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What is an Annular Pancreas?

By D. Jeffress
Updated Mar 03, 2024
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An annular pancreas is a congenital deformity in which part of the organ becomes wrapped around a section of the duodenum, the upper neck of the small intestine. If the pancreas completely obstructs the duodenum, the condition is noticeable shortly after birth as an infant is unable to feed. In most cases, however, the intestine is only partially obstructed, if at all, and an annular pancreas is not detected until some time in adulthood. The condition is usually treated with surgery to bypass the duodenum and connect the stomach to a lower section of the small intestine.

The pancreas is normally positioned adjacent to the duodenum, just underneath the stomach. Problems occur if the head of the pancreas forms a ring around the duodenum instead of resting against it. Infants who are born prematurely are at the highest risk of having the deformity, as the head and neck of the pancreas may never fully develop. It is common for a baby to have other defects as well, such as an underdeveloped esophagus or Down syndrome. An infant who has an annular pancreas may not be able to digest milk, causing him or her to spit up regularly.

If an annular pancreas does not completely encircle the duodenum, it may not cause noticeable symptoms in infancy. In fact, an annular pancreas often goes undiagnosed until it is discovered during a medical examination for another condition. If symptoms do arise in adulthood, they may include nausea, vomiting, food intolerance, and a constant feeling of fullness. Pancreatitis, inflammation and swelling of the pancreas, often triggers such symptoms in adults.

A doctor can diagnose an annular pancreas in an infant or an adult by performing a series of diagnostic imaging tests. Ultrasounds, x-rays, and computerized tomography scans are used to detect abnormalities and gauge the severity of duodenal obstruction. After making a diagnosis, the doctor can refer the patient to an internal medicine specialist to evaluate the need for surgery.

The most common surgical procedure to treat an annular pancreas is called a duodenoduodenostomy. During the procedure, a surgeon inserts a tiny camera into the abdominal cavity to inspect the stomach and small intestine. He or she makes a series of small incisions in the lower abdomen and manipulates surgical tools to sever the stomach from the duodenum, bypass the section constrained by the pancreas, and connect it to the next section of the intestine. The surgery has a high success rate, and most infants and adults recover completely in a few months.

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Discussion Comments
By Lugusta777 — On Apr 27, 2015

I am a 54 year old male. About four months ago I was diagnosed with a annular pancreas, which to me, explains a lot. I've also had diabetes since I was 22 years old, and I am beginning to wonder if the two are related. They're still doing tests, however I have a lot of pain at times in my right side. My doc says my duodenum is about 40-60 percent blocked, but food is still getting through.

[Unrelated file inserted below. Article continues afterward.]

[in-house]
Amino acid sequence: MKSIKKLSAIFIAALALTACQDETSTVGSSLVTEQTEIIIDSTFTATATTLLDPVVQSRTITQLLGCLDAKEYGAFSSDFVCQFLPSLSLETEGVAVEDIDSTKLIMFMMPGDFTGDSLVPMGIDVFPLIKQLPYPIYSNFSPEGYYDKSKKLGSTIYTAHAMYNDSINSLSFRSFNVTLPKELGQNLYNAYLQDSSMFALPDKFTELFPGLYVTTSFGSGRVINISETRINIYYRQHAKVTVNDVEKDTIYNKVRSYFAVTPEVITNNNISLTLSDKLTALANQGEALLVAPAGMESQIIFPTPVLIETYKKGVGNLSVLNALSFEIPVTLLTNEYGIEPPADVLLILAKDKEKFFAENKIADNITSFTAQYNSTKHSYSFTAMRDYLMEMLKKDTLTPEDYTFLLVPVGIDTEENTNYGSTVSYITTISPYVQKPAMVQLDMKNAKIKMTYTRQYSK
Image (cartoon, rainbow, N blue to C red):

I'd like to know for those of you who had the surgery, what was the recovery time and how long were you out of work? Have any of you that had the surgery had it done in the San Francisco Bay area? If I have if done I want someone who is experience doing this type of surgery, so any of you who may live in the SF Bay Area can recommend a good surgeon I'd really appreciate it.

By Oceana — On Jan 27, 2012

My six-year-old started having attacks of pancreatitis. We had no idea that anything was wrong with him until he started having severe pain in his upper abdomen.

The pain made him bend over and cry loudly. I took him to the emergency room, where he received x-rays.

They found that his pancreas was inflamed, but they also found that he had an annular pancreas. He had to be treated for the pancreatitis before they could do surgery to fix the underlying cause.

He stayed in the hospital, where he ate a liquid diet with a few bland foods thrown in and received intravenous fluids to keep him hydrated. Once his pancreas had recovered, he had the surgery to fix the problems caused by his annular pancreas.

By kylee07drg — On Jan 27, 2012

@StarJo – I wish that loss of appetite had been my only sign that I had an annular pancreas. My symptoms were much more unpleasant.

I was twenty-six when I started becoming severely nauseated. I vomited after lunch one day, and for the next two days, I could not keep any food down.

My doctor originally thought it must be a stomach virus. After a week had passed and I still could not hold any food in my system, she did a more in-depth examination and found my annular pancreas.

I also had the surgery, and now I'm fine. For that week prior to the surgery, I really thought I might be dying, though.

By StarJo — On Jan 26, 2012

I didn't know I had an annular pancreas until I was thirty-seven years old. It had given me no problems for the first 36 years of my life, so I thought I was perfectly healthy.

A few weeks after my thirty-seventh birthday, I stopped having an appetite. I would wake up in the morning and start to put some toast in the toaster, but before I got to it, I would realize that I had no desire to eat.

By dinnertime, I still had no hunger, so I knew something must be wrong. I scheduled an appointment with my doctor, who did some scans and found the annular pancreas.

I had to have pancreas surgery, and after I recovered, my appetite returned fully. I have even put on weight since then.

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